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Posts Tagged ‘Happiness’

A recent article in Inc dramatically reports:

‘In 1 Powerful Sentence, Mark Cuban Just Gave Every Company in America a Harsh Wake-up Call’

It’s a simple statement, with profound implications.

Mark Cuban – GETTY IMAGES

Goes on with:

Mark Cuban, Shark Tank investor and outspoken owner of the Dallas Mavericks basketball team, recently took to his personal blog to comment on a major issue facing the NBA — and every employer in America.

There’s been a lot of talk regarding how NBA players have really taken control of their league, with the most talented players teaming up behind the scenes to play together or asking to be traded to a different team if they’re not happy with their situation.

Quotes Cuban saying:

Some feel that the player movement we have seen … is a problem, I don’t. I think it is exactly what we should expect, and it reflects what is happening in the job market across industries in our country.

“This reality has changed what it is like to be an employer. In the past, the default was that the best employees would want a long career with their employers, because that is what you did. You kept your job as long as you could. No longer.”

And then, the 1 Powerful Sentence:

“Now the onus is on employers to keep their best employees happy.”

Don’t we guys in software industry of 1980-2010 vintage know? Talk to us and we’ll tell you horror stories to fill many tomes. With attrition soaring amok, further aggravated by shortage of talent pool, it wasn’t about keeping ‘best employees’ happy. One had to amuse whoever walked by within six feet of the front gates to lure 

Welcome to the Party, America – you’re a few decades late though. Invite us to talks – we can tell a thing or two – on how we coped up, kept the show going, our customers served without disruption!

To be fair, it’s not new to them either – I recall from many years ago a senior executive from HP,  wise to our predicament, mentioning it was no different in those early years in California. May be long forgotten with its learnings.

The article goes on to talk about the How’s of the sentence, covering all bases: coaching, empowerment, inclusivity, communication, career development…besides remuneration.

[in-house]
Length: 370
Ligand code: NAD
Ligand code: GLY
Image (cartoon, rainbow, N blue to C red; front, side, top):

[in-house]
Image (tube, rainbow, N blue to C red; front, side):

Coming back to the real subject of this post, ‘1 Powerful Sentence’:

“Now the onus is on employers to keep their best employees happy.”

You thought happiness is more for pets given to by their masters?  

Sorry, am being irreverent and flippant.

Years of working with colleagues at all levels and of all hues in good and bad times has taught us one thing that I share with you here – a perspective adding to (and not in any way invalidating) the professed sentence and its How’s:

Make it a journey with them – feasible, authentic, involved, worthwhile, interesting and enjoyable for them, for you and the organization. Happiness ensues and a lot more…

To cite a parallel, of relevance – Just as caring for community’s safety and earning their respect and the adrenal rush of running towards (and not away from) danger to save life and property are identified as the two pure and strong turn-on’s in the lives of fire-fighters who in many surveys end up high to very high in job satisfaction.

Each of those words feasible…is purposeful, non-overlapping and worthy of deliberation.

Well, I can tell you – and my colleagues out there would also vouch – it has been shown to work for its practitioners.

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Well, you might say nothing really new here – it’s ancient wisdom.  You’re right. But we all need to be reminded from time to time. Also the words suddenly leap to life in today’s context when Seth Godin says it in his own inimitable way:

…Pleasure is short-term, addictive and selfish. It’s taken, not given. It works on dopamine.

Happiness is long-term, additive and generous. It’s giving, not taking. It works on serotonin.

This is not merely simple semantics. It’s a fundamental difference in our brain wiring. Pleasure and happiness feel like they are substitutes for each other, different ways of getting the same thing. But they’re not. Instead, they are things that are possible to get confused about in the short run, but in the long run, they couldn’t be more different.

Both are cultural constructs. Both respond not only to direct, physical inputs (chemicals, illness) but more and more, to cultural ones, to the noise of comparisons and narratives.

Marketers usually sell pleasure. That’s a shortcut to easy, repeated revenue. Getting someone hooked on the hit that comes from caffeine, tobacco, video or sugar is a business model. Lately, social media is using dopamine hits around fear and anger and short-term connection to build a new sort of addiction.

On the other hand, happiness is something that’s difficult to purchase. It requires more patience, more planning and more confidence. It’s possible to find happiness in the unhurried child’s view of the world, but we’re more likely to find it with a mature, mindful series of choices, most of which have to do with seeking out connection and generosity and avoiding the short-term dopamine hits of marketed pleasure.

More than ever before, we control our brains by controlling what we put into them. Choosing the media, the interactions, the stories and the substances we ingest changes what we experience. These inputs could lead us to have a narrative, one that’s supported by our craving for dopamine…

 

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Make Customers A Good Reason To Go To Work This Morning And Every…

And think of this: We, in service sector, do good to our customers again and again often see their happiness right before our eyes and get paid for it too!  Even Bill Gates giving away his billions in philanthropy doesn’t get to do that.

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